Rafael Nadal won the 59th installment of his legendary rivalry against Novak Djokovic, advancing to the Roland Garros semi-finals with a 6-2, 4-6, 6-2, 7-6 (4) victory in a match that began Tuesday night and finished after 1 am Wednesday morning in Paris.
The Spaniard led by a set and a double break before Djokovic stormed back to level, but Nadal reasserted himself with a dominant third set. It was the World No. 1 who started strongest in the fourth, but Nadal denied his attempt to serve out the set and powered to victory in a one-sided tie-break.
Nadal gains a measure of revenge after his semi-final loss one year ago at Roland Garros – the most recent meeting between the pair. By ending Djokovic’s title defense, Nadal moves within two victories of a record-extending 14th Roland Garros title and 22nd major crown. Had Djokovic advanced, he would have had a golden opportunity to tie Nadal by winning his 21st Grand Slam title.
“He showed why he’s a great champion,” Djokovic said in his post-match press conference. “Staying there mentally tough and finishing the match the way he did. Congrats to him and his team. No doubt he deserved it.”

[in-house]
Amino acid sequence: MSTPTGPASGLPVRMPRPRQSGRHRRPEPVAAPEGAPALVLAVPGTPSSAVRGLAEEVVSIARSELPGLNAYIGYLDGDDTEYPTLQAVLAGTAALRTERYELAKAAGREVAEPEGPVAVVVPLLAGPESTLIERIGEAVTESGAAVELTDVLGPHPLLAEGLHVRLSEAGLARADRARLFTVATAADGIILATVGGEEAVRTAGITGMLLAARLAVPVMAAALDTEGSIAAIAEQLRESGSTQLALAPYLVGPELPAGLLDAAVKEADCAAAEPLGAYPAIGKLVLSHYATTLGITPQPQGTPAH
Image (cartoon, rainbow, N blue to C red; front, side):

The Spaniard has now won consecutive matches of four-plus hours. After defeating Felix Auger-Aliassime on Sunday after four hours and 20 minutes, he moved past Djokovic in four hours and 11 minutes. Nadal entered the tournament under a cloud of doubt due to his chronic foot injury and played just two clay events prior to Roland Garros after a six-week layoff due to a rib fracture. But he looked as fit as ever as he improved to 15-1 in the Roland Garros quarter-finals.
After two days of rest, Nadal will face Alexander Zverev in the semi-finals after the third-seeded German knocked off Carlos Alcaraz earlier on Tuesday.
Djokovic entered the quarter-finals on a nine match win streak, winning 22 straight sets dating back to his ATP Masters 1000 triumph in Rome. He was also on an 11-match win streak at Roland Garros, matching his longest run in Paris (2016-17).
While Nadal and Djokovic are familiar foes – especially at Roland Garros, where Nadal now holds an 8-2 head-to-head edge – their quarter-final is also a match of historic firsts: It is the first time in the Open era that a men’s match has featured two men with at least 20 Grand Slam wins, 1,000 match wins or 300 Grand Slam match wins.